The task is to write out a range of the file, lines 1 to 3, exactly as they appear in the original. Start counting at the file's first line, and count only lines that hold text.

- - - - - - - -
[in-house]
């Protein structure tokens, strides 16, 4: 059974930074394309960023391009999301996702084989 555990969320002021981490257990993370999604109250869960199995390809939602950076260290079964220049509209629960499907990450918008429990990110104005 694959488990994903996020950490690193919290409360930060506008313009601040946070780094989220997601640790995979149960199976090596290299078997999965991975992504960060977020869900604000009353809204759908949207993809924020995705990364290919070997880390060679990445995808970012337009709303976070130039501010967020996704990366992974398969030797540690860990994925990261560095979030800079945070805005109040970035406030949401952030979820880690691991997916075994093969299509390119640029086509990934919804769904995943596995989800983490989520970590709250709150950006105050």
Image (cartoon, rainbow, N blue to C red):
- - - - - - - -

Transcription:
[in-house]
């Protein structure tokens, strides 16, 4: 059974930074394309960023391009999301996702084989 555990969320002021981490257990993370999604109250869960199995390809939602950076260290079964220049509209629960499907990450918008429990990110104005 694959488990994903996020950490690193919290409360930060506008313009601040946070780094989220997601640790995979149960199976090596290299078997999965991975992504960060977020869900604000009353809204759908949207993809924020995705990364290919070997880390060679990445995808970012337009709303976070130039501010967020996704990366992974398969030797540690860990994925990261560095979030800079945070805005109040970035406030949401952030979820880690691991997916075994093969299509390119640029086509990934919804769904995943596995989800983490989520970590709250709150950006105050």
Image (cartoon, rainbow, N blue to C red):